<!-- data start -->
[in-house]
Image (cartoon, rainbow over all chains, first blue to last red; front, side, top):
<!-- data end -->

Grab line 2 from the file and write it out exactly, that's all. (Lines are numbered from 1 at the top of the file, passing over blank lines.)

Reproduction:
Image (cartoon, rainbow over all chains, first blue to last red; front, side, top):